The recent healthcare reform bill that includes a 5 percent tax on elective procedures such as Botox, breast implants, liposuction, laser skin resurfacing and even teeth whitening has left many plastic surgeons and aesthetic surgery professionals shaking their heads. Patients and surgeons alike are rallying against the “Botax” that would end up adding a few extra dollars – and a few extra hundred dollars, in some cases – to the fees for popular procedures.
Allergan, the makers of Botox Cosmetic, has officially launched a campaign against the proposed “Botax,”. Allergan’s Chief Executive Officer David Pyott recently made a public statement, indicating that the impact of the tax would be “pretty marginal” for the company, but it that “we really feel strongly this is bad policy.”
Many professionals in the industry have pointed out that the Botax is actually a discriminatory tax because it will mostly affect middle class women between the ages of 25 and 35, the group that makes up the most significant amount of the cosmetic surgery market.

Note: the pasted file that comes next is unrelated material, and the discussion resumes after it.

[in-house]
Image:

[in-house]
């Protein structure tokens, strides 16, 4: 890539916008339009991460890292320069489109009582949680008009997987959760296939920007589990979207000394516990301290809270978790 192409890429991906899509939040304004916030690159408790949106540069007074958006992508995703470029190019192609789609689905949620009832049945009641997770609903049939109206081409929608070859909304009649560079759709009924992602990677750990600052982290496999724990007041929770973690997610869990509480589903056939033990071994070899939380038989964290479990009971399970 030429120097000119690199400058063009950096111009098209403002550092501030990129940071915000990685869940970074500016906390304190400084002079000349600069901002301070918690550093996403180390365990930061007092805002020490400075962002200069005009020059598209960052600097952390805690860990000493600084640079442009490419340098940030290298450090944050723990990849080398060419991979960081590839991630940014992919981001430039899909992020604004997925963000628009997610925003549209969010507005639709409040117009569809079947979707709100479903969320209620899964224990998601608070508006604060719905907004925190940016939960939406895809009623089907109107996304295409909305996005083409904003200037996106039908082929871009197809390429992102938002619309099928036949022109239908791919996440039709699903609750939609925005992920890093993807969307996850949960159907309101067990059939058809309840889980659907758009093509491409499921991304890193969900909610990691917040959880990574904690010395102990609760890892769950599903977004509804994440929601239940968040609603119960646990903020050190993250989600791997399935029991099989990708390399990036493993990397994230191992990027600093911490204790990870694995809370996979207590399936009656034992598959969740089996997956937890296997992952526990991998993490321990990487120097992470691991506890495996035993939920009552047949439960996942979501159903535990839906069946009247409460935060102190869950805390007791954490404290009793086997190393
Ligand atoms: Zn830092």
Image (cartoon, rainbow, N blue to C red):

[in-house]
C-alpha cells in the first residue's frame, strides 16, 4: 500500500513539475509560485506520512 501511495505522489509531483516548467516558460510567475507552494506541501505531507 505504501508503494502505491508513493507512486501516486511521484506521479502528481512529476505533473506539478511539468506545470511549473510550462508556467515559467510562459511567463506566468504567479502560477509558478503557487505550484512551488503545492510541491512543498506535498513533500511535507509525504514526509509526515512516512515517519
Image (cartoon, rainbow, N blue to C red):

The American Society of Plastic Surgeons stats that about 60 percent of people planning to have cosmetic surgery live in households with an annual income below $90,000. (Source: Reuters.com)
The Botax is expected to raise nearly $6 billion over the next ten years, and the fund would help to pay for the healthcare “overhaul” that is estimated to cost about $849 billion. The Botax would not only affect sales of Botox and other injectable fillers, but would also be applicable to procedures such as Latisse eyelash enhancers, liposuction, breast implants, laser skin resurfacing, facial rejuvenation treatments and even teeth whitening.
Allergan has set up a Facebook page to rally against the Bota, and more than 10,000 people have signed an online petition against the tax. According to Reuters.com, approximately 7,500 letters have already been sent to local senators.